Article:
"We do not take this decision lightly, but these are unprecedented times that require unprecedented steps to protect our patients, their families and their new babies," spokeswoman Lucia Lee said in a prepared statement.
"We know how important it is to connect with loved ones while in our hospitals and we will do everything we can to virtually connect patients with family and friends."
The announcement by Mount Sinai, which operates eight hospitals in New York City and Long Island, followed a similar move Monday by NewYork-Presbyterian, which has 13 locations in the city and Westchester County.
NewYork-Presbyterian's decision sparked outrage from expectant parents and others, with the NYC Midwives group warning that it would lead women to give birth at home, "whether or not that is the best medical decision for them."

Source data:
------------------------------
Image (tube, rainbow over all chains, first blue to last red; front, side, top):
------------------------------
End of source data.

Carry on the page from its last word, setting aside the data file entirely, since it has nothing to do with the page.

More than 275,000 people have also signed an online petition that calls on Gov. Andrew Cuomo and Mayor Bill de Blasio to intervene and reverse the hospitals' orders.
On Monday, de Blasio said he was "concerned" and wanted to know more about the rationale behind the ban.
"We're talking about an irreplaceable life moment. The moment I was in the delivery room when my kids were born was one of the most important moments in my life," he said.
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